9.8 The investigation will normally commence within three weeks of its
authorization. The investigator will examine the complainant, respondent,
and such other persons and/or documents that he/she considers may have or
contain relevant information pertaining to the complaint.
9.9 If the complainant or the respondent refuses to cooperate with the investigator,
the investigator may either proceed with the investigation or recommend to
whomever authorized the investigation that the complaint be dismissed. The
person who authorized the investigation will make a decision concerning this
recommendation and may direct that the investigation continue.
9.10 The investigator will prepare a draft report and send it to each party, first to the
complainant, and then to the respondent together with the comments of the
complainant. A copy of the respondent's response will be sent to the
complainant for comment. The investigator will then prepare a final report
that includes an opinion on the facts of the case, disputed and undisputed, and
whether there has been a violation of the Policy. The final report will
normally be completed within four weeks of the receipt of the last response to
the draft report.
9.11 The report of the investigator will be sent to the Chair of the Human Rights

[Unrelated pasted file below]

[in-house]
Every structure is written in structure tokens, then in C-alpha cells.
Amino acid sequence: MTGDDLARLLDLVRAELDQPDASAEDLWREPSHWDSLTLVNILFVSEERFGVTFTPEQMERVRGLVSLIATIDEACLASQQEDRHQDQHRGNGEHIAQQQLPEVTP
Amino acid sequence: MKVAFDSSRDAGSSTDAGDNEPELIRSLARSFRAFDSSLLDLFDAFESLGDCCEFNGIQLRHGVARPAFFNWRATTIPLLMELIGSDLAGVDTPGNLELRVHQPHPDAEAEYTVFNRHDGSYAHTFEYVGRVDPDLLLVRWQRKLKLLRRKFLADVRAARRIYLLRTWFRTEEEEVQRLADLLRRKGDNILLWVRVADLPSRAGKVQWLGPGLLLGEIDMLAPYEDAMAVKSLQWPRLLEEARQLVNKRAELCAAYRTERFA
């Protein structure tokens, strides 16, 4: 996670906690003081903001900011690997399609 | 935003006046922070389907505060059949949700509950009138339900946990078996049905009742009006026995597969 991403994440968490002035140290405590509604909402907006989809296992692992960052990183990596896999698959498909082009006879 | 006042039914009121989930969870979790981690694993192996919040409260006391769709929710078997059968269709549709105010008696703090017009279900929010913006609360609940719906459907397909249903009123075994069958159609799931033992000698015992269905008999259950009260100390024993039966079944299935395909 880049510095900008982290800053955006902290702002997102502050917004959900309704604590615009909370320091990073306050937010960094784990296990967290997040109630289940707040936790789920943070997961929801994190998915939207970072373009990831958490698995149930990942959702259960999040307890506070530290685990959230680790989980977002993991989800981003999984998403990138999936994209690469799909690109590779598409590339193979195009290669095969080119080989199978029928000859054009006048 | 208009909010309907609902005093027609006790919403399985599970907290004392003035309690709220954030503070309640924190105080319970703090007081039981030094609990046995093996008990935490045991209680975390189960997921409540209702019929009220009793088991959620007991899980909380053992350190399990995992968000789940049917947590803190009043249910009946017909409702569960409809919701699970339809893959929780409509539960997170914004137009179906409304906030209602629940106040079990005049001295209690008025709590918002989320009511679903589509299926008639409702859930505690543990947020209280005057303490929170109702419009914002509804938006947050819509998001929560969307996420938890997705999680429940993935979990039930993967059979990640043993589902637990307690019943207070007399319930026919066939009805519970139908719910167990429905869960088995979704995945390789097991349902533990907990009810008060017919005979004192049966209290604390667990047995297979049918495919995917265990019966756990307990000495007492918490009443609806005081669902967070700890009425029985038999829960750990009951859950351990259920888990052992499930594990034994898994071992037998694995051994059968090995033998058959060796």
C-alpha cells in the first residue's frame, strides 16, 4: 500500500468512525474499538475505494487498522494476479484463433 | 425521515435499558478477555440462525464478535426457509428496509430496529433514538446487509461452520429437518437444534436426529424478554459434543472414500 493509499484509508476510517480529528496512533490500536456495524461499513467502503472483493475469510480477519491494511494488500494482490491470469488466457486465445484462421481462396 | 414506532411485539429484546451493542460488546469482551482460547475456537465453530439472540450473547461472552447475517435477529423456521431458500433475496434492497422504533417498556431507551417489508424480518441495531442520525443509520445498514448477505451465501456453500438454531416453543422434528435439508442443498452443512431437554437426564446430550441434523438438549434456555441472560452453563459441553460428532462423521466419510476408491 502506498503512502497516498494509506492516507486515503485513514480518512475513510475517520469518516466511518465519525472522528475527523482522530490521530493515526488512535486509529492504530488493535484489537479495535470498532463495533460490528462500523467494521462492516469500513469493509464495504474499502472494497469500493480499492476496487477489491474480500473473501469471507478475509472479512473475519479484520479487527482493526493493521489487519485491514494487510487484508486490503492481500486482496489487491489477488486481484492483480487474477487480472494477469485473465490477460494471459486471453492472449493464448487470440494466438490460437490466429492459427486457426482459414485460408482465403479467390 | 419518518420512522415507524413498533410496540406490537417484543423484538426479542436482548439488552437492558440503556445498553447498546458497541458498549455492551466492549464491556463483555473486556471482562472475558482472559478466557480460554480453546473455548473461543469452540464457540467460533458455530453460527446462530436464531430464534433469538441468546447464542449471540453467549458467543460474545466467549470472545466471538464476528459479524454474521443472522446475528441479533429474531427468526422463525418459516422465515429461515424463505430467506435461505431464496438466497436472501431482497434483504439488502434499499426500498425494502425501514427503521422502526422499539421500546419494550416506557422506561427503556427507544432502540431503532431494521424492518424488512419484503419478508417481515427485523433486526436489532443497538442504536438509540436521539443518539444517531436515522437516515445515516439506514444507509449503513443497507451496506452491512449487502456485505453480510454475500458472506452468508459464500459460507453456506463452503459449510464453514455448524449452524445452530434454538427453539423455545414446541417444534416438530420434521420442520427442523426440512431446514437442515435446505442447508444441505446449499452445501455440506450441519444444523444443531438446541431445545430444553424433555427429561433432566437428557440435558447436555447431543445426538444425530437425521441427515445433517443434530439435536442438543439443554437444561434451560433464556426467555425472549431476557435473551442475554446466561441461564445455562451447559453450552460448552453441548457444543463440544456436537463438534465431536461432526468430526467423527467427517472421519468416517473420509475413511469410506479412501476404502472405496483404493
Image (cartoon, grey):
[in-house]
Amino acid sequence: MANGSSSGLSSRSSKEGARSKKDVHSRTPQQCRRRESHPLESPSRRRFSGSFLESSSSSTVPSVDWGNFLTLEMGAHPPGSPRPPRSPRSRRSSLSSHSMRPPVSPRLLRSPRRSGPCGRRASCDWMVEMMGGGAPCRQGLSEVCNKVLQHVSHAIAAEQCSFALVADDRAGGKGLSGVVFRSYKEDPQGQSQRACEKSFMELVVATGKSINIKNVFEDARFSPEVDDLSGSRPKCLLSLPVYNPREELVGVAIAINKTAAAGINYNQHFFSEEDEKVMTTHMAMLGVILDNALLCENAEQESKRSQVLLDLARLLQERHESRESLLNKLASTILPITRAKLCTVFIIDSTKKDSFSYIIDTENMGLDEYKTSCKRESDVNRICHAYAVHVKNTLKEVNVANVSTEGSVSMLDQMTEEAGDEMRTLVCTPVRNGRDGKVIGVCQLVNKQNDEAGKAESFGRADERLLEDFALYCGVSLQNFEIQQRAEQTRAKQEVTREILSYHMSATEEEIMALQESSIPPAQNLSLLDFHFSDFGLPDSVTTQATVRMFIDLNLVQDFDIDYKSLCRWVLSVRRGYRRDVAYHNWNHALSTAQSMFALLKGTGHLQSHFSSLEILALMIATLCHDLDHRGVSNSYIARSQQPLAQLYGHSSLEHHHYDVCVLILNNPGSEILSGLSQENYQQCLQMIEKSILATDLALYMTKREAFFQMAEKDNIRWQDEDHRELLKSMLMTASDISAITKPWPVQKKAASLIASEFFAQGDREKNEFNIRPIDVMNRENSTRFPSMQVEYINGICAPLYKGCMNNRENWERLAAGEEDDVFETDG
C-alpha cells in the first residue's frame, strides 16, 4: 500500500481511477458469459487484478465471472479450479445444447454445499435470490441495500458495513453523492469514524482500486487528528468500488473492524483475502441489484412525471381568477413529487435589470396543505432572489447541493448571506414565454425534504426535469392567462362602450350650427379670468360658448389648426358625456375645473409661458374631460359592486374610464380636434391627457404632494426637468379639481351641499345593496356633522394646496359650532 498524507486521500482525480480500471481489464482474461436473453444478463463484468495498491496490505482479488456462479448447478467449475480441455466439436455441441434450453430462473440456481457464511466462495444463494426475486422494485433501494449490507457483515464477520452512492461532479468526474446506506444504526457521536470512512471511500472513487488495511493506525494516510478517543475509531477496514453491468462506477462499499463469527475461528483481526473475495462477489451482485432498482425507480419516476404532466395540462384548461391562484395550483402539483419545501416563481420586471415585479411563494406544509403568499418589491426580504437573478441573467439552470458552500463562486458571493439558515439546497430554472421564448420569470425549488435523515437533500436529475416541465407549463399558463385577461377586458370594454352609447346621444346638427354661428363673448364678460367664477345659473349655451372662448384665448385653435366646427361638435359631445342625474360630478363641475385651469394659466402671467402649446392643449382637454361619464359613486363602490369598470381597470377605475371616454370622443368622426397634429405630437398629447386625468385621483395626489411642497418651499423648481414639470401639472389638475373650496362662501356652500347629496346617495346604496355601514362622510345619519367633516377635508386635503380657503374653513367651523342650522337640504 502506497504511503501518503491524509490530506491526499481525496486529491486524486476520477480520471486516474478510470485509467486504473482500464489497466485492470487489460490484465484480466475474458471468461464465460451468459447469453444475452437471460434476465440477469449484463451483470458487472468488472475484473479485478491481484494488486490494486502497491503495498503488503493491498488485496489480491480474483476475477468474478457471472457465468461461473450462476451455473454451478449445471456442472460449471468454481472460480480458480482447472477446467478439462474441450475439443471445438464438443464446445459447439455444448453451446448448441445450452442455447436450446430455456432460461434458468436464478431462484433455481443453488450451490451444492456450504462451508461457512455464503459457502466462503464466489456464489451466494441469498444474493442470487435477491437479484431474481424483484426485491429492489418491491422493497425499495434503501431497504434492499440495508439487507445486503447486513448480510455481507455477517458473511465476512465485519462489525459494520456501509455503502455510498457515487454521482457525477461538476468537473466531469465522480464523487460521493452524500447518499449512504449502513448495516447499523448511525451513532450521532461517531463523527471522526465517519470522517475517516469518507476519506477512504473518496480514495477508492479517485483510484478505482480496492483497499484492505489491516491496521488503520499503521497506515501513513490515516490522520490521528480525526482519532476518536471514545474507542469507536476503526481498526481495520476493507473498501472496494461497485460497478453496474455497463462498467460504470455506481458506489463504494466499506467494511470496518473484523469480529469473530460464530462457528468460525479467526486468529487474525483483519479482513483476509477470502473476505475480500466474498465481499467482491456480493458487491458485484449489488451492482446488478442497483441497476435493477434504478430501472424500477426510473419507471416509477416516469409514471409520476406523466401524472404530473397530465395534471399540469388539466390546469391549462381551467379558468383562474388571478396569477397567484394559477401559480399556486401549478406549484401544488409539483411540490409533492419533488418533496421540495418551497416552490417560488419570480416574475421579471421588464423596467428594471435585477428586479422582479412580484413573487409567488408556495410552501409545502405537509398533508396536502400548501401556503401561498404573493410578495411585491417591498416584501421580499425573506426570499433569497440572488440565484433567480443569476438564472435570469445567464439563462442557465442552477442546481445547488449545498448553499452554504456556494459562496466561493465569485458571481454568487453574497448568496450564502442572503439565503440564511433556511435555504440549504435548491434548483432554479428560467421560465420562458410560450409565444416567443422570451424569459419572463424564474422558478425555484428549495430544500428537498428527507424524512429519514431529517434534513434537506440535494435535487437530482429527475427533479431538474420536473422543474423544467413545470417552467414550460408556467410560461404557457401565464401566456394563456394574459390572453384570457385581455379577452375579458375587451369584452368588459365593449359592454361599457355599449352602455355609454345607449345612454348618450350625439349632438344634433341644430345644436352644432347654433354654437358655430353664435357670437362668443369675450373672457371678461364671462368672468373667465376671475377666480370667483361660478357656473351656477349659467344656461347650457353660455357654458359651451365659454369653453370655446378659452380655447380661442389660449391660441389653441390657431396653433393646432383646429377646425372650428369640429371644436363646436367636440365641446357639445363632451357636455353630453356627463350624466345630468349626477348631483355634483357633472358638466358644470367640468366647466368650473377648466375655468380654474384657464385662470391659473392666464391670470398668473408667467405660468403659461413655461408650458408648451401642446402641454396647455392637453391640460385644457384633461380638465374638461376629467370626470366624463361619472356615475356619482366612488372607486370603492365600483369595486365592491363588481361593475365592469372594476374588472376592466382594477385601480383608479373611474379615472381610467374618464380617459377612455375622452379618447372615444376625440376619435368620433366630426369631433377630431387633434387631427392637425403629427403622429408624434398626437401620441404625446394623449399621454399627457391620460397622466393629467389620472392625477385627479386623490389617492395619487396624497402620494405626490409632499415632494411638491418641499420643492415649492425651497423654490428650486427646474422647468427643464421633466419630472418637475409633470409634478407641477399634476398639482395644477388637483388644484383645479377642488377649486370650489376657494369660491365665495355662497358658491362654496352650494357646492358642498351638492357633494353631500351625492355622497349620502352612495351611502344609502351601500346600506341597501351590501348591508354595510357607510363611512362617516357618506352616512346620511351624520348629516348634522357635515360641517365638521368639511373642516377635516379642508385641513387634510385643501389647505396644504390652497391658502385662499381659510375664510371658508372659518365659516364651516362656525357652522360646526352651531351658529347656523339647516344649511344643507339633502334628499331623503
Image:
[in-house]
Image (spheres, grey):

Policy Board who will send it to the parties and the responsible officer for the
party whom the investigator believes has violated the Policy.
9.12 The investigator may recommend that the investigation be adjourned, stayed, or
terminated. The decision on this recommendation will be made by whomever
authorized the investigation after considering submissions, if any, from each
10.1 When the responsible officer for the respondent receives the investigator's
report he/she will give each party an opportunity to respond. Each party may
comment on the other's response. Following this, the responsible officer will
determine whether or not a violation of the Policy has occurred. ?
December 9, 1997
10.2 In reaThing a decision on whether the Policy has been violated, the responsible
officer will use a standard of proof corresponding to the civil burden of proof
on a balance of probabilities. Allegations which could result in suspension,
dismissal or expulsion require clear and convincing evidence of misconduct.
10.3 The decision, with reasons, on whether the Policy has been violated will be
communicated to both parties within four weeks of receipt of the last response.
10.4 If the responsible officer for the respondent finds that the allegation was
frivolous, vexatious or malicious, the responsible officer for the complainant
will consider disciplinary action.